Canadian petroleum was officially commercialized for use in 1851 but was used for centuries prior. First Nations people used crude oil from oil seeps and oil sands to dress wounds, caulk boats and buildings and grease wheels.
The founding father of Canada’s oil industry is James Miller Williams, who inadvertently unearthed North America’s first producing oil well near Oil Springs, Ont., in 1858 while digging for water. The oil was transported to Hamilton and refined into lamp oil, a product in high demand at the time, as the costs of oil from whale blubber were rising.
Charles Nelson Tripp, however, is the Canadian credited with uncovering the potential of oil for greases, naphtha paint, varnishes and burning fluid. He began his exploration near present-day Sarnia, Ont. (called Canada West at the time), in the “gum beds” of Enniskillen Township. This led to the first incorporated oil company, The International Mining and Manufacturing Company, in North America, in 1854.
From its roots in lighting, petroleum found many avenues to grow. Gasoline became a huge market in the 19th century through the development of the internal combustion engine. The transition to gasoline for transportation was cemented during the First World War, and production methods were dramatically improved over that time. Natural gas began to be adopted as an energy source for cooking and heating in southern Alberta, Saskatchewan and southwestern Ontario and was preferred to the coal gas it replaced.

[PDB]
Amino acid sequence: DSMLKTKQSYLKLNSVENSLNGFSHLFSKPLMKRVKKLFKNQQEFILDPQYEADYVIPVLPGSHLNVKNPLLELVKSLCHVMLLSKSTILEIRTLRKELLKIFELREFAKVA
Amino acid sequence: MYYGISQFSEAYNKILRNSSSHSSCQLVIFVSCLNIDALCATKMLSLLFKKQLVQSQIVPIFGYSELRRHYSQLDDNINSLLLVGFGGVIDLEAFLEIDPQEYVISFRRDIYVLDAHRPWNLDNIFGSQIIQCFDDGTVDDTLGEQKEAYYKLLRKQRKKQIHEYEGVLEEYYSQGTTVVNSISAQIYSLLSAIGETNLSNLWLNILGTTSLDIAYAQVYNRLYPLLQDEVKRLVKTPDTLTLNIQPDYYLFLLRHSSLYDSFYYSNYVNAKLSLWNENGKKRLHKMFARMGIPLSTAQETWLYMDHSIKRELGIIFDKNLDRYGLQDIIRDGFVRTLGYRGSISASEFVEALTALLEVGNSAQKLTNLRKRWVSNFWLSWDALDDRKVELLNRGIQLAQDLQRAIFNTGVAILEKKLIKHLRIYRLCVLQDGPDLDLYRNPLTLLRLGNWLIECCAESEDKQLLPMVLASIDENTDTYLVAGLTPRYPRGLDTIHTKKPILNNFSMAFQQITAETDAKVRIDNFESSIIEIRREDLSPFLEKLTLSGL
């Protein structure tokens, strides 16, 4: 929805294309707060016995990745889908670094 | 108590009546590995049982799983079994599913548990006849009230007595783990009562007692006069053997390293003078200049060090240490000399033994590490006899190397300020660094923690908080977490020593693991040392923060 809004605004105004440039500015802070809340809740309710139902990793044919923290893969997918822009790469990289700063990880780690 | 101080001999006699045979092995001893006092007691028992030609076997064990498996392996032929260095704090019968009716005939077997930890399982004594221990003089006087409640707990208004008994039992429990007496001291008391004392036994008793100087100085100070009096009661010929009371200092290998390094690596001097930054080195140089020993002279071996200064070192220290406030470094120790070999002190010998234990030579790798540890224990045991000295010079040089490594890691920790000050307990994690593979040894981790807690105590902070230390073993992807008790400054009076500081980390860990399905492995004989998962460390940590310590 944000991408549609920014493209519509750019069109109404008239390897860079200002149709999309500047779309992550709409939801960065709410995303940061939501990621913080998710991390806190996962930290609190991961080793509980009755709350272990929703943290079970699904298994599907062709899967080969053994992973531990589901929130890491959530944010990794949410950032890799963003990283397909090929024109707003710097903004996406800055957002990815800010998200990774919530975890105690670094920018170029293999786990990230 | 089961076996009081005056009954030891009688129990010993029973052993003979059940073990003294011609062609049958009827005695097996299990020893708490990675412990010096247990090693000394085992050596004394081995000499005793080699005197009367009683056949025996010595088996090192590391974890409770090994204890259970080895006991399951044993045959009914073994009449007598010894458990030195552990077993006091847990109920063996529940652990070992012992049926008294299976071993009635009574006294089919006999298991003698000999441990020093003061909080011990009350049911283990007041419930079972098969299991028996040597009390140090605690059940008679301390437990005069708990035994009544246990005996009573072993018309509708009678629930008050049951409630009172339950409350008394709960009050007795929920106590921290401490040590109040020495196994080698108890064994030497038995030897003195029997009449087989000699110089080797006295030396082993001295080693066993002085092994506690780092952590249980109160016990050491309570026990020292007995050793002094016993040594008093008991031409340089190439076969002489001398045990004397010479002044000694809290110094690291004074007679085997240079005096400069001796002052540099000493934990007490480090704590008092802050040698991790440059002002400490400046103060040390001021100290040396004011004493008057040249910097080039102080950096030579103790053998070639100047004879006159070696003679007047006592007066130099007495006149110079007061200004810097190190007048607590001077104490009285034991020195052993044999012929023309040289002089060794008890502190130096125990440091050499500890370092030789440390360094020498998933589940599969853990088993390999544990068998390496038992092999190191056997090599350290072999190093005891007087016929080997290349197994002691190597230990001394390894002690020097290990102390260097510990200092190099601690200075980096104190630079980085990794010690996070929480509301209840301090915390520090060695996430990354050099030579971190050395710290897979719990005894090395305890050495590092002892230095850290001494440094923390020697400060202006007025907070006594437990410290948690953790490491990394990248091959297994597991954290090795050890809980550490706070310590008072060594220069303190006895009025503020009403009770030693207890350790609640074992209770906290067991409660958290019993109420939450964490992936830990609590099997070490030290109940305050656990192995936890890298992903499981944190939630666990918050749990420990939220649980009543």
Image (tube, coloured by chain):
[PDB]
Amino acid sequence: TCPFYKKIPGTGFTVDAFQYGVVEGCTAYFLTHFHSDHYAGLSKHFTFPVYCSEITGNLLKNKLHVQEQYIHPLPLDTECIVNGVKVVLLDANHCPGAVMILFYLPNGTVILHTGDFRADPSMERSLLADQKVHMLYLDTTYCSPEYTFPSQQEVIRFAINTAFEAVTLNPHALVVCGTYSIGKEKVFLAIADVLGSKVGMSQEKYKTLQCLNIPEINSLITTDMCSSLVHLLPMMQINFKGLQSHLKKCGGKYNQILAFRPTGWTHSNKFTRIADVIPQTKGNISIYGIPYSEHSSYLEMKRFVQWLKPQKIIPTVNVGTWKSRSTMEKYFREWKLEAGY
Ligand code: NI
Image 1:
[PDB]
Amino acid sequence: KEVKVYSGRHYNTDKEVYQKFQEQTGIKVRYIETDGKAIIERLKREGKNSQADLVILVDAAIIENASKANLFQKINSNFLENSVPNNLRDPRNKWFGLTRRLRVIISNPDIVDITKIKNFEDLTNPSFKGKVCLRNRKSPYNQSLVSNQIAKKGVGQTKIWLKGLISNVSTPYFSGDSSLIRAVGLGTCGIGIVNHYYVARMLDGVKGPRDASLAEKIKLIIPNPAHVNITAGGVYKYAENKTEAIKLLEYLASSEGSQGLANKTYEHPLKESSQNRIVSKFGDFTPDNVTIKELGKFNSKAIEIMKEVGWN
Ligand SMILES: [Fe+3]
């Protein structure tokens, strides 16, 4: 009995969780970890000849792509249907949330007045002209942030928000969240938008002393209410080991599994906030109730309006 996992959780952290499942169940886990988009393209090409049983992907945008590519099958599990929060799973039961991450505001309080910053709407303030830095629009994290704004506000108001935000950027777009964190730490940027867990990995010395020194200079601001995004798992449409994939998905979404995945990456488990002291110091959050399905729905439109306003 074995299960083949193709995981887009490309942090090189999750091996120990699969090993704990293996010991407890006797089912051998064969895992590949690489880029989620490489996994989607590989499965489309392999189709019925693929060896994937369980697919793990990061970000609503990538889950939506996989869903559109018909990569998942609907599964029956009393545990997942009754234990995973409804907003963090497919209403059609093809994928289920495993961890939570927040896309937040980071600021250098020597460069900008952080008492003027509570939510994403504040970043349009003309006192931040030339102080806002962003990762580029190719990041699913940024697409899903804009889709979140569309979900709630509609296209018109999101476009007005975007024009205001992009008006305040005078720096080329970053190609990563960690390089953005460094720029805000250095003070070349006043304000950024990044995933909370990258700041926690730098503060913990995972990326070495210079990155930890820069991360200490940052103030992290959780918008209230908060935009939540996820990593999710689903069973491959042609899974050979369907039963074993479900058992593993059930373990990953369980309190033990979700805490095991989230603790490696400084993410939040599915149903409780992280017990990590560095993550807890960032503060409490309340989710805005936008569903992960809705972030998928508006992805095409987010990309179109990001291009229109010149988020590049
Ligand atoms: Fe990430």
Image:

Exploration remained rudimentary until the 1930s, revolving mainly around discovering oil seeps. As the science of geophysics progressed, instrumentation improved to more accurately predict petroleum deposits, without having to rely completely on surface geology, such as seismic surveys. Still, 90% of Canada’s crude oil was imported from the United States. However, a discovery in 1947 at Imperial Oil’s No. 1 exploration well in Leduc, Alta., marked Canada’s graduation from oil-poor to oil-rich.
Within a year, a certifiable oil boom took place in western Canada, as further discoveries were made. The uncovering of the West’s oil potential created jobs, alleviated national economic stress after the Second World War and reduced anxiety about the dependence on foreign oil imports. By the early 1950s, crude oil had replaced coal as the nation’s largest energy source.